Recorded on the edge of the Texan desert, Post Tropical has a quiet wildness to it. Its simple acoustic hooks and harmonies are glazed in hoarfrost. Each key change is warm enough to thaw out a wind-beaten travelling salesman leaning over a hearth. Sometimes, the ever-restrained James Vincent McMorrow will allow the music to swell for a few seconds. It’s like the brave little last rays of the sun seep over the horizon, before sinking into a beautiful grey dusk.
McMorrow – a former airport trolley attendant – has the dry-lipped, breathless voice of a lover. You can barely decipher the lyrics, but that doesn’t really matter. Each track is brutally, beautifully simple – no more than two instruments accompany his voice at any one time. He lulls you to sleep. Then, his signature sky-scraping falsetto pierces the music like a needle through felt. You shudder up in awe. (In live shows, even the most seasoned audiences gasp at the power of his voice.)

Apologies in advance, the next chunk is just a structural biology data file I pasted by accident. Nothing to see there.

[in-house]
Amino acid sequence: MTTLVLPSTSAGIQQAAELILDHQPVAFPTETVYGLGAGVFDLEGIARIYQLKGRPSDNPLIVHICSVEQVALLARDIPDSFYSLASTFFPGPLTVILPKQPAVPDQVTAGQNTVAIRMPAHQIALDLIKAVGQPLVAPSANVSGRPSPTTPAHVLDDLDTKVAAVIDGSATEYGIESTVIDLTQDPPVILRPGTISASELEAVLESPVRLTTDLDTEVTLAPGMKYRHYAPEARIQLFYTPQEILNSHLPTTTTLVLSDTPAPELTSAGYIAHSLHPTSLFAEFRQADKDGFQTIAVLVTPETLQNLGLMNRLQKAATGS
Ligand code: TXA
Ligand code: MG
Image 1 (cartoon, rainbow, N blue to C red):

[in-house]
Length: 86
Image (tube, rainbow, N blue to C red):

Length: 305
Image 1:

Post Tropical is a palate cleanser, best listened to on the tram with closed eyes and cold hands. Even though it runs just under an hour, it’s difficult to swallow the entire album in one sitting. The opening to Post Tropical “Cavalier” combines unresolved piano chords with quiet clapping, reminiscent of fellow Briton James Blake. But the music’s heartbeat remains constant. McMorrow manages to punctuate the monotony with a few tricks. “The Lakes” pulls together fifty mandolins to mimic running water. “Gold” soars into a muted trombone and a swan-necked clarinet. “Repeating” has a crackling snare drum underneath what sounds like children singing on a merry-go-round, swinging in and out of focus. “Outside, Digging” has a distinct gospel feel. Nonetheless, after a while, the hollow drum, haunting vocals and trembling steel guitar makes you restless.